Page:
Three presidential candidates gathered at a forum in Los Angeles on Saturday to talk specifically about global warming and energy issues. It was the “first time in history” that this has happened, according to a press release from the League of Conservation Voters, which helped organize the event.
None of the newspapers that covered the forum seem to have used the first-time angle, though. In fact, the gathering drew little mainstream press relative to other campaign stops. The New York Times, the Los Angeles Times, and The Associated Press were all there, so the coverage wasn’t trivial. On the other hand, the event was not televised and the only way to watch it live was via a Web cast from Grist, the online environmental magazine that sponsored the affair.
The relative lack of attention isn’t terribly surprising, given that only Hillary Clinton, John Edwards, and Dennis Kucinich (all Democrats) showed up, despite the fact that all the candidates from both major parties were invited. The dearth of publicity is also not surprising given the forum’s novelty, and it’s reasonable that the national press did not echo the claim that the gathering was a “first-ever.” I haven’t been able to verify that myself. Yet the fact remains that even light a few candidates, Saturday’s event set a new precedent for addressing environmental issues during a presidential campaign.
It is lamentable, then, that the AP and the two Times (New York and LA), covered the forum like they would any other campaign stop or stump speech, with only passing reference to its larger significance (though there was ample mention of the event’s concurrence with a major climate meeting in Spain). To it’s credit, The New York Times’ Christine Hauser summed up the situation in a pithy phrase, even if she did not have the space (it was the shortest article on the forum) to elaborate:
The candidates had previously released their proposals on global warming and energy, the focus of the forum. But the opportunity to reiterate them and take questions from a panel of experts in a state that is not holding an early primary highlighted the impact that environmental issues have taken in the campaign.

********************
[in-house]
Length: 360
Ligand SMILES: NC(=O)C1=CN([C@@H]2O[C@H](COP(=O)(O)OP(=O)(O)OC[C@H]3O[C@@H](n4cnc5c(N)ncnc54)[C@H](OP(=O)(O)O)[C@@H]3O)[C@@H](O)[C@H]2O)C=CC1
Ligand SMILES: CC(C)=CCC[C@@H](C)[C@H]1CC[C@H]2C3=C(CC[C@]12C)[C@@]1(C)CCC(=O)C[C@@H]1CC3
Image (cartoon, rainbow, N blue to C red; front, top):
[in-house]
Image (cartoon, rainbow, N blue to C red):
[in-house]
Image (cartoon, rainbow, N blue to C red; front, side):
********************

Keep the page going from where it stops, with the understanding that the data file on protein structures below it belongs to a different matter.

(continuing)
The Los Angeles Times published the longest account (it was in the paper’s backyard, after all) and seemed to find the most substance in the candidates’ words. (Appearing one-by-one on stage at the Wadsworth Theatre, they were each given ten minutes to make opening remarks and then answered questions from two panelists: David Roberts of Grist, and Mary Nichols of the California Air Resources Board.) “If the intent was to buff their green credentials,” wrote Cathleen Decker, “more than anything the gathering thrust into glaring relief the differing approaches” of the candidates. In this respect, Decker continued, the environment-specific gathering gave the dark horse Kucinich an advantage: “Unlike most of the candidate debates so far, where he has been relegated to the sidelines, the format Saturday gave him equal standing.”
(Of course, Kucinich also promised to give every person in the United States a publicly-funded job, and then didn’t seem to have any idea of how to back up that promise when challenged by Grist’s Roberts.)
There were other interesting sound bites. Edwards didn’t really elaborate on his existing energy platform, but repeatedly mentioned a “lack of backbone” on Capitol Hill regarding environmental legislation. Along those lines, Clinton seemed to be the most frank about what the largely pro-green audience could expect politicians to accomplish, asserting that Congress would never pass a bill that would please everybody.